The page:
Today at my 28-week appointment, I have to take a blood test to check for gestational diabetes. The way this works is I drink a super sweet orange drink an hour before my appointment and then they test the sugar levels in my blood. I'm not feeling very optimistic about this drink though. It's sitting in the office fridge, and I don't find the following warning to be comforting: "To enhance palatability, chill before drinking." Couldn't they even have said, "enhance flavor?" Or they could have stated it like it is, "Choke this thing down as fast as you can before you get sick." Of course, further instructions are even more ludicrous: "Instruct the patient to remain quiet, refrain from smoking and avoid caffeine before and during the test." Not the latter two of course--I don't smoke and I don't have more than a two cups of coffee a week--but "remain quiet"? Do these people not understand who they are dealing with? What kind of blood test do you need to remain quiet for? Are they afraid I'll wake up the blood sugar?

Tuesday, June 17

I'm Getting Soft

Or maybe it's just that I'm getting tired. When I got a phone call from a workman yesterday and he asked for Mrs. Medros, instead of my usual, "This is Adam's wife, Jenny Brown. What can I do for you?" (and yes, I use the word wife there, because it's simpler than not--another way I'm going soft), I simply said, "Yes." And today when one of the workman asked if I was having a boy or a girl and I said, "boy," and he said, "You're lucky. You won't need to repaint the room" (Adam's office was and the future nursery is a light blue), I didn't launch into my long speech about how the room was painted blue with the assumption that we were having a girl and that I refuse to give into gender stereotypes and the only reason the room will remain blue is I don't have the heart to ask Adam to repaint it; I merely said, "Yeah, you're right." Repeat after me: the world does not have to be my battlefield. The world does not have to be my battlefield.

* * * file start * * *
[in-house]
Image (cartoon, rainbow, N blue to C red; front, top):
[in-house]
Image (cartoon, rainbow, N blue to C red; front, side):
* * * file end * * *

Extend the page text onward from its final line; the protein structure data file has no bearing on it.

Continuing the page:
Is it nap time yet?

Friday, June 13

Bah Hambug

Everyone who has read this blog for more than, oh, say, a week, knows that Adam and I are Jewish. Happily Jewish. It's not a hard fact to grasp. Our parents are Jewish. Our grandparents are Jewish. Our great-grandparents were... well, you get the idea. What I'm trying to say is we're Jews and everyone knows it. Everyone, that is, except apparently my dear father. The problem? Santa Claus. My father asked me today if I was going to raise Brown Brown to believe in Santa Claus. "You're kidding, right?" I asked, deep down knowing that he wasn't. "No!" he exclaimed. "Of course not! Oh, how I loved Santa Claus. I'd get so excited on Christmas Eve I wouldn't be able to sleep just thinking about what he brought me." "But you had no Christmas tree," I responded, knowing full well that his parents wouldn't allow a Christmas tree in the house. "Didn't matter. Our friends--many Jewish--had Christmas trees. But, oh, Santa Claus. How can you deprive your child of Santa Claus?" How? I'd say it's pretty easy. We celebrate Hanukah (which I should point out is eight fun-filled nights of presents). We have no chimney. We don't believe that Jesus is our lord and savior. The issue is pretty black and white to me! "You want me to lie to my child," I try, " and then break his little heart when he gets the double whammy of the fact that there's no jolly red man and that his parents are liars?" "It's not like that at all. Why disappoint him? You're in New England, and you'll have the snow and jingle bells ringing and it will be holiday season and poor Brown Brown won't have any presents on Christmas. You'd really do that to your son?" I would like to announce to the world once and for all and with great finality: Yes. I have no issues doing that to my son.